1.1 There’s a simple answer to Heidegger: he’s ignored the position of art in the commodity market. Contemporary art is given value not because of its intrinsic qualities but precisely because anything that calls itself art is a good store for value. Art is an excellent investment, its use-value hovering in a zone of indistinction between infinity and zero, its exchange-value untouched by the turbulence of the market. Unlike oil or wheat or subprime mortgage derivatives, the price of art is invulnerable to fluctuations in supply and demand. Some of the greatest works of art ever produced lie unseen in safety deposit boxes; meanwhile, subjecting art to the cold logic of the commodity, corporate investors ensure the production of facile, anodyne artworks of ever-increasing value and ever-decreasing worth.

1.2 I find this line of argument entirely unconvincing. Before the age of corporate-funded art, it was financed by usurers and robber barons; before that by monarchs and aristocrats, before that by the Church, before that by the temple-State complex. Shakespeare called his group of actors the King’s Men for his patron, James I. Virgil’s Aeneid was a paean to Augustus. (While in Broch’s The Death of Virgil his dying command to burn the manuscript is the basis for a denunciation of State art, there’s little to suggest that such concerns were particularly prevalent at any time before the 19th Century, let alone the classical period.) Because the work of art tries to touch on something essential and immutable outside of the relations of production, because  its value is distinct from that of the money-economy, it is always forced to parasite itself off the exploiters of those same social relations.

1.2 Art and money are more than just joined at the hip: they’re joined at the anus. Freud famously formulated the equation money = shit, with miserliness being a mature manifestation of infantile anal eroticism; meanwhile, the production of shit is the first expression of creativity, the first instance of the subject creating something external to themselves to be admired. The anus is a Deleuzian machine, channeling and cutting off a single flow: a flow that appears as money on one side of the anus-machine and as art on the other.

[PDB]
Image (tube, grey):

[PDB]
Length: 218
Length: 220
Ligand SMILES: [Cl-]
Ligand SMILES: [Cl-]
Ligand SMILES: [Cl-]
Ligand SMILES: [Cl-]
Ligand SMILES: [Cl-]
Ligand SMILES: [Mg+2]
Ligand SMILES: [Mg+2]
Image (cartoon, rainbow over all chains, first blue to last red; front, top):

1.3 The intimate connection between art and money is demonstrated by their shared origin. Marx notes that the currency-form has its root in ‘the sensuous splendor of precious metals.’ It is from this sensuousness that money develops the fetishistic power to transform ‘imagination to life, imagined being into real being’ – in Heideggerian terms, to effect the self-disclosure of Being. In other words, money performs the exact same function as art. Wherever the currency-form arises, the money-commodity is always something possessing a sensuous beauty: gold and silver, cowrie shells, beads, brass rods, sandalwood. It’s not just their value was seen to inhere because of their beauty: the money-commodity was always that which was used to adorn the body – a practice universal in human cultures and unique to them. Here is where the rupture between money and art can be found: the raw material of money is spectacular and beautiful, while art, by contrast, is built out of the base and the mundane. Early painters used pigments made from mud, blood, and shit. Sculptors used rock, earth, and bone. Poets and playwrights, mere words. Heidegger is correct when he identifies as an essential element of the work of art its thingliness, its grounding in the Earth, its existence as an object known to ‘cargo-carriers or cleaning ladies in the museum.’ The work of art is not the beautiful object; it never has been. Money is that which is used for adornment and enjoyment, the foundational purpose of art is entirely distinct from any sense of the aesthetic. In producing art that contradicted the prevailing sense of the beautiful, the Modernists weren’t defying art’s conventions but reaching back to its roots.  Money with its baseness doesn’t disturb the spirituality of art; rather with its spirituality it disturbs art’s baseness.